I open file after file and skim: these are ideas, paragraphs, fragments of short stories in draft form. Some beg to be jettisoned in entirety. Others drift, hoping to be saved.
Some of the pages are dated, others are not. Some are decades old, others as recent as a few years back.
But I doubt my capacity to take these tales where they deserve, to finish them to my satisfaction, to finish them at all. I back away from that secret corner in which they reside in shadow, and instead I give my attention to a project folder. In this, I am a proven commodity.
As the second pot of morning java sputters in Mr. Coffee, I stop in front of a small rectangular mirror that hangs by a nail on the back of a door. It is ornately carved in gilt, not to my taste, and one of several remnants of another life that eased insecurities and worsened them, until I crawled to a ledge, caught my breath, and stared them down.
I wipe a smudge of liner beneath my right eye. I push a few strands of hair away from my forehead, studying the effect, then moving them back again, covering the deepening lines.
I turn away to fill my cup, knowing that accepting my appearance includes seeing the negatives before the positives, though I’m happy enough that I perceive the positives at all, considering the number of years that I did not.
Doubt and insecurity can cripple us if we let them. So we must not let them. They can also motor ambitions. For this I am grateful.
Overdoing (Over) Confidence
Popular culture would have us fake it until we make it, bolster bluster over vulnerability – unless of course we can make a buck with the latter if not the former.
Likewise, we are expected to eschew our doubts and advocate the advantages of Confidence In All Things. Generally, I agree that leading with an upbeat approach is helpful, when not taken too far: extreme exaggeration of abilities is a risk; self-aggrandizement is disagreeable company; knowing who we are and where we come from, regardless of the face we present to others, is my preferred mode of behavior.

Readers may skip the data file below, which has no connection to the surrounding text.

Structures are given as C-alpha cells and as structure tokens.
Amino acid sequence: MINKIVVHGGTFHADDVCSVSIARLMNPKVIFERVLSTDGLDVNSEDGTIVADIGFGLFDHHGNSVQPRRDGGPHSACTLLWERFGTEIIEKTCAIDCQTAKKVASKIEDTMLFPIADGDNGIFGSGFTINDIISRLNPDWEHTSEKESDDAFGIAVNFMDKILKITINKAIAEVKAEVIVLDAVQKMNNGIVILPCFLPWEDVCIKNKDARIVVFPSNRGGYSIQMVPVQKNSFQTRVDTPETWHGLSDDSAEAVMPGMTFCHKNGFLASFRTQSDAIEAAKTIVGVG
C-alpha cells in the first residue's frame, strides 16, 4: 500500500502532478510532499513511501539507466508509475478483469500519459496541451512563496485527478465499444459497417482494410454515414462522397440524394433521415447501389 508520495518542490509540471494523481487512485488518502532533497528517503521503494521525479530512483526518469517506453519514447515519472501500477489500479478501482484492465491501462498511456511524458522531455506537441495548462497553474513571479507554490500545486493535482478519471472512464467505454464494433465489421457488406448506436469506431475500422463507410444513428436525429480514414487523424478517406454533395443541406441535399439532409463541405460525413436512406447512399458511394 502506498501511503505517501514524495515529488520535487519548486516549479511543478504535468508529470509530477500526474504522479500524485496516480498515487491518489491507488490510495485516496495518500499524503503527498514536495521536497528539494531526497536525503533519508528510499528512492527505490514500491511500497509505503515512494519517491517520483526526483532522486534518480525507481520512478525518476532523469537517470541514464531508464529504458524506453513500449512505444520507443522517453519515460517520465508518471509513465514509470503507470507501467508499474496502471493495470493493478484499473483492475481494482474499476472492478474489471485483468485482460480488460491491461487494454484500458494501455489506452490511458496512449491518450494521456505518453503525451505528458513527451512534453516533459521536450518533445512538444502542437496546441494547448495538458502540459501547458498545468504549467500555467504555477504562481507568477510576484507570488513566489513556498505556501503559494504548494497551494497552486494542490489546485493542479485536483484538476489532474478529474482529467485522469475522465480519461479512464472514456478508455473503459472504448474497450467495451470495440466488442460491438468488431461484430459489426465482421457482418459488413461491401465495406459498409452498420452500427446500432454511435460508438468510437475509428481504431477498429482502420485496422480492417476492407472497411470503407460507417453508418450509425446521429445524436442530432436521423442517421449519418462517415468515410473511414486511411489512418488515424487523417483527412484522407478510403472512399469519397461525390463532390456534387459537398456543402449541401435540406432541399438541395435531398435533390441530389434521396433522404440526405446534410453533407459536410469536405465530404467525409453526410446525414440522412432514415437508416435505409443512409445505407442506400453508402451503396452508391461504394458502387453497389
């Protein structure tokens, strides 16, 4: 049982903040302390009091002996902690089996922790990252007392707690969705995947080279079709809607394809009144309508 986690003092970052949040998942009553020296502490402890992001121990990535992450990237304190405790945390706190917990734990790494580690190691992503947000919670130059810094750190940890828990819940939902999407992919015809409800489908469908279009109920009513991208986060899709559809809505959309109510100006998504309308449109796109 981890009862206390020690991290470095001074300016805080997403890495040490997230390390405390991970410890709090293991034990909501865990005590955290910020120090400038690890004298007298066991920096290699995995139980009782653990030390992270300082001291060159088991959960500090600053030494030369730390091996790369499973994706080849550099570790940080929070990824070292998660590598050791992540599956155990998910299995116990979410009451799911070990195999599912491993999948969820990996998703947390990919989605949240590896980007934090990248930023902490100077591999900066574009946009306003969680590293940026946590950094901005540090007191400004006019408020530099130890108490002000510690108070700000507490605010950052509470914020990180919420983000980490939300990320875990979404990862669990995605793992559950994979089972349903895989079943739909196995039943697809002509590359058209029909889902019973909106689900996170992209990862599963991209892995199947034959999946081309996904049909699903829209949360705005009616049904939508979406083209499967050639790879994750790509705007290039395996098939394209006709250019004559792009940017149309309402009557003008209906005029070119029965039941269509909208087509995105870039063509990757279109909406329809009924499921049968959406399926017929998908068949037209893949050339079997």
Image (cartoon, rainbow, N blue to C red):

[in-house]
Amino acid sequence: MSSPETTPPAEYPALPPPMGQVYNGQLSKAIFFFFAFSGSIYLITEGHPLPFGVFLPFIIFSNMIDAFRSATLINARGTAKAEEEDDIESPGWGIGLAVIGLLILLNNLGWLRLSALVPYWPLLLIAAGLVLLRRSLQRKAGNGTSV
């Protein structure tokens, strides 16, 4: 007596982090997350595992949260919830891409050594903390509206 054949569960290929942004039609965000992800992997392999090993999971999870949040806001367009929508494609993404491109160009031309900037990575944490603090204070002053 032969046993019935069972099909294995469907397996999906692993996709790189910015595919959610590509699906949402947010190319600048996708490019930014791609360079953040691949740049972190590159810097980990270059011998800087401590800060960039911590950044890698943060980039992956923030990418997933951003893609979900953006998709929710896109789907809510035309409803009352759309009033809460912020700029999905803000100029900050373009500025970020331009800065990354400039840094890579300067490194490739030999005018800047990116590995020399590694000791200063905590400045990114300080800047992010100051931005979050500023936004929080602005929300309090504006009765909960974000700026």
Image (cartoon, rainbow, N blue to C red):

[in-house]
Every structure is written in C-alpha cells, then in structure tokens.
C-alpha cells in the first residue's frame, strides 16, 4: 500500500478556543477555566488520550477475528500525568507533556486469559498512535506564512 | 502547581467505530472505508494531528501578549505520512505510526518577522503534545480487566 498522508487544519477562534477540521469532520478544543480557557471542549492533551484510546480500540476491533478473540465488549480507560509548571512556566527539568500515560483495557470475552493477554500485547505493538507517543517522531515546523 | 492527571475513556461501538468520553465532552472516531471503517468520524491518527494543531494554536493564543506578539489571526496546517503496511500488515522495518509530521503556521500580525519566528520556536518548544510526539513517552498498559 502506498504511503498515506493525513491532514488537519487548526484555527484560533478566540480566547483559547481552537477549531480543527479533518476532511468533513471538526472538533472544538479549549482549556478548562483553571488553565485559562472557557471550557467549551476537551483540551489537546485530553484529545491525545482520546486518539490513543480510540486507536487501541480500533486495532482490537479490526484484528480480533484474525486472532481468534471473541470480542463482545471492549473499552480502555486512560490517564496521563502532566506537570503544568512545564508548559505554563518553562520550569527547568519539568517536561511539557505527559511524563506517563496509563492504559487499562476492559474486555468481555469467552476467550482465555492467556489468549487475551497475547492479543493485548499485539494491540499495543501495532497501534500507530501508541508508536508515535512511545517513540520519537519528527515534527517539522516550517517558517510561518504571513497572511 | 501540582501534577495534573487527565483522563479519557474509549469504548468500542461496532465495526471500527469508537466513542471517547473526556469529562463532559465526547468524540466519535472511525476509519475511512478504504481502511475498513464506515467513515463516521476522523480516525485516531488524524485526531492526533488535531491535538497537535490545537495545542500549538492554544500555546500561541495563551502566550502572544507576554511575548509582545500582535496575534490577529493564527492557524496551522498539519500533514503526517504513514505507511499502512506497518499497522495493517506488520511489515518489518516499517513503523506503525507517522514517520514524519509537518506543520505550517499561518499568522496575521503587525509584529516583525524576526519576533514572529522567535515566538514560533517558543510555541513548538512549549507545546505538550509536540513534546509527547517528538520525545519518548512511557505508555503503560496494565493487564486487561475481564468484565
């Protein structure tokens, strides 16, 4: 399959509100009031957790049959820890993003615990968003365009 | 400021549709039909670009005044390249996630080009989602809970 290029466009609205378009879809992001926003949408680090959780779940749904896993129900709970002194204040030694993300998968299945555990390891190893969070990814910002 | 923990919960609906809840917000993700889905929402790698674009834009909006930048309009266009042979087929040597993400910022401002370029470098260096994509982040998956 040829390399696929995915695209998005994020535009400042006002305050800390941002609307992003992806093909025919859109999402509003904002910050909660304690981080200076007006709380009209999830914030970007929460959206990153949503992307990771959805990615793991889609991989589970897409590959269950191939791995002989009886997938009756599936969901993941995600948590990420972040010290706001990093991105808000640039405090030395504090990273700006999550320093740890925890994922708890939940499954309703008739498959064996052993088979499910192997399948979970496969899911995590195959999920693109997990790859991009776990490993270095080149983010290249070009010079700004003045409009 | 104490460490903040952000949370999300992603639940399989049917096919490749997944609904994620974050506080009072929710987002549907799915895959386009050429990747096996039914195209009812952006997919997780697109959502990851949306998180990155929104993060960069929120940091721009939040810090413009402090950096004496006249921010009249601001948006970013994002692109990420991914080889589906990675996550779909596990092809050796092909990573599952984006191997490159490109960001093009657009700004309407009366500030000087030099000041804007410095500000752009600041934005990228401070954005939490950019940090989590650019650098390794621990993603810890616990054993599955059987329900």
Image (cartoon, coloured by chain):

And still we sip our coffee in the mornings and avoid treading where insecurity holds us hostage. Or we dare to fight back, we mutter to ourselves in the glass, we opt for bangs or the ponytail or even the shaved head, but one way or another we make a decision.
We may choose to peek at files that unravel our resolve. We may dare to confront the demons of both success and failure.
Psychology Today reminds me how insecurity and doubt can undermine the simplest tasks.
When one is insecure about oneself, it is due to a preoccupation with not measuring up to one’s perception of others, or other uneasiness that causes self-doubt.
This same article speaks of self-fulfilling prophecies, and I think of fear and its poisonous fruit. Fear, always fear. A woman’s fear, planted young, so often the saboteur.
As for not measuring up? Yes, I know that much. I’ve rebuilt the broken places where I can and did my damnedest to facilitate healing in my children, and their confidence in who they are.
As for me, I’m confident in my work skills, confident in my parenting, confident in my ability to love. Perhaps that is enough.
Insecurity as Instigator?
Though written in the context of romantic relationships, the Psychology Today article reassures me that doubt and insecurity may be beneficial. This, too, I understand.
Insecurity serves a purpose… Most importantly, a reasonable level of insecurity about oneself or a relationship can lead to reflection and self-improvement.
At times, I’ve viewed doubt as a life skill, my growing dose of skepticism as healthy and protective.
But that is another phenomenon – the radar, the response to external forces. This is self-doubt. Can I harness it to fuel courage? Must insecurity bar the gate to belief? If I can master confidence in one area, why can’t I in another? Can I manage the degree to which I doubt so I may prevent its paralysis? Can I use fear of not measuring up to try harder, to work smarter, to persevere so I will measure up – even if the critical voice that holds me back is always my own?
I dispense with the morning routine as quickly as possible. I turn back to the files seeded with stories. I cordon off two hours to tinker, to edit, to write – just for me. Doubt and insecurity, as usual, my companions.
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